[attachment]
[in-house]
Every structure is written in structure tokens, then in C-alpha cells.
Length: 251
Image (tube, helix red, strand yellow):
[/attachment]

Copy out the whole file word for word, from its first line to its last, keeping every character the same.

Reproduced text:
[in-house]
Every structure is written in structure tokens, then in C-alpha cells.
Length: 251
Image (tube, helix red, strand yellow):